Australian Dollar US Dollar Exchange Rate Rallies on Rising Commodities, Muted US Dollar

100 Hundred United States Dollars (USD)

Initially hamstrung due to the upset caused by the Australian federal election, in which 13 undecided made a hung parliament a possibility, the Australian Dollar to US Dollar exchange rate saw a fair rally during this morning’s session thanks to surging commodity prices.

Thanks to safe-haven demand lessening after the initial post-Brexit fever pitch, rising commodity prices and the hope that the Reserve Bank of Australia (RBA) will not be cutting rates immediately meant the Australian Dollar US Dollar exchange rate managed to recoup its losses, surpassing any highs seen last week.

Currently the Australian Dollar US Dollar exchange rate trades at 0.7528, rallying almost 0.40% over the course of the morning.

‘Aussie’ (AUD) Ignores Domestic Political Turmoil in favour of Surging Commodity Prices

The ‘Aussie’ is rallying across the board today thanks to a healthy surge in commodity prices, including an over 4% rise in silver, as well as ratings agencies’ decisions not to downgrade the Australian economy’s AAA credit rating following the inconclusive federal election.

The recent massive rallying of commodity prices has afford the Australian Dollar much upward pressure, with gold, copper silver and platinum all seeing significant boosts. In fact, almost all commodities, barring agricultural, have seen a marked increase, the strongly commodity-correlated ‘Aussie’ naturally has enjoyed a decent increase in support thanks to the rise.

On Saturday the entire Australian public (as voting is compulsory in Australia) came together to vote in a new parliament in a fresh federal election. All 225 seats were to be decided, but as it stands, 13 seats have been left undecided with neither party gaining the required majority to govern. The political turmoil arising from the circumstances caused some analysts to hint at the possibility of ratings agencies downgrading the Australian economy, but those fears have been tempered by announcements that no such downgrades are planned.

US Dollar Rests on its Laurels as America Celebrates Independence Day

Markets are closed in the US as our American cousins celebrate Independence Day. This also means there is a lack of any positive domestic data to stem the US Dollar’s losses against the ‘Aussie’.

The US Dollar has been enjoying a period of overwhelming safe-haven demand following the UK’s referendum regarding its membership of the European Union. As a Brexit became apparent, wild market conditions saw investors flock towards the secure US Dollar, seeing its value inflate drastically. However, the Fed eluding to the increasing unlikelihood of a near-term rate hike has stamped out any further support as the likelihood of a rate cut seems ever present.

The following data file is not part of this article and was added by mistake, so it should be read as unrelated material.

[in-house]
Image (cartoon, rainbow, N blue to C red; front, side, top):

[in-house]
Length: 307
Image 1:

Safe-haven demand has died down somewhat with the looming possibility of a rate cut. Likely due to the Independence Day holiday, the US Dollar has not seem much movement in the currency markets, with rising commodities seeing the ‘Buck’ depreciate versus the Canadian and ‘Aussie’ Dollars.

Forecasts for AUD/USD Rely on RBA Rate Decision, Rich US Data Could Cause Depreciation.

Australian data has started the week on a lame footing with domestic building approvals dropping -9.1%. Tomorrow holds the Australian services PMI and retail sales figures, both of which could support the Australian Dollar if they print notably above expectations.

Most importantly, the Reserve Bank of Australia (RBA) is set to announce whether it shall be changing its benchmark rate tomorrow. Any hint of a cut would send investors running scared from the antipodean currency.

Early-week market reports coming from the US include US factory orders along with durable goods orders on Tuesday. Both function as a kind of optimism marker for the economy, with durable goods serving as a more long-term insight as they require significant investment.

A whole host of US data is set for release over the week. Reports to look out for in particular include the ISM non-manufacturing composite, the minutes from last week’s FOMC meeting, US employment rate and change in non-farm payrolls. All reports tend to hold considerable weight over the US Dollar and are likely to afford the currency positive movement if they print well.

We shall have to watch the outcome of the Australian election closely to gleam any short-term insights into the Australian Dollar US Dollar exchange rate as political uncertainty remains high with no majority government.

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